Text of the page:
1. Natalie*

      There’s a quote that goes around the internet a lot and has been attributed to various people: when someone shows you who they are, believe them. Your dad’s company has shown that they handle disputes by becoming vindictive and rather childish. Does he want to continue operating in that environment?

      1. OP #1*

        No, he doesn’t. But like many of us, he’s resigned himself to working a job he dislikes in order to provide for his family. The employer is the only one in his niche market in the area, and moving isn’t an option right now (for a variety of reasons, care for aging parents being high on the list).

        The job pays well. He has no retirement savings (and he’s at an age where he’s old enough to have a daughter writing in to AAM, so draw your own conclusions…). And the family really, really needs health insurance – something this employer provides and freelance work does not.

        1. Natalie*

          I probably didn’t explain myself well enough – I don’t think he can trust them going forward, even with a 90 day cooling off period. They’ve shown who they are, and who they are is an organization that will behave vindictively towards employees they feel have wronged them. That means that even if your dad takes a 90 day leave of absence and they seem okay after that, I don’t think they can be trusted.

          If insurance coverage is a critical item for him, he would be best off doing everything he possibly can to find another job with coverage, rather than trying to salvage this dumpster fire of a company.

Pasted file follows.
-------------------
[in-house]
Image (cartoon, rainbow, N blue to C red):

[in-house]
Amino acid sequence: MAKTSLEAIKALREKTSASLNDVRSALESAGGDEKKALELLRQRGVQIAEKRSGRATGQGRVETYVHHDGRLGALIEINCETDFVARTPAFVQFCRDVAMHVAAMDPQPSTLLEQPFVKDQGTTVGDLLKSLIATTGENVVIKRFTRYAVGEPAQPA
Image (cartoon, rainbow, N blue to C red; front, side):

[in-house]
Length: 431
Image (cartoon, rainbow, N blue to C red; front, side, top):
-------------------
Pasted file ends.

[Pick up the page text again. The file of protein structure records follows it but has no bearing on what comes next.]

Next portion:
1. TootsNYC*

            Even if he finds a job that’s not really in his field. Or pays less but has insurance (maybe freelancing can make up for it?).

            Also, the ACA *is* still in effect; maybe now’s the time to really look into it, and see if he can use it bridge the gap between this job and the next one. Quick, before it goes away.

    2. Kyrielle*

      They don’t have to pay him *or* their part of his health insurance during that time, unless he has 90 days of FTO banked (and maybe not then). FMLA wouldn’t apply here, so they also don’t have to hold his job open or wait until he gets back to fire him.

      The company has *no* reason to agree to this, and asking for it might or might not give them leverage of some sort. I’d at the very least run it past a lawyer first, to find out if it could cause problems in either the existing lawsuit, or unemployment claims.

      You talk about COBRA costs above. Has he priced out insurance on the exchange? That might be better than the cost of COBRA….

      1. OP #1*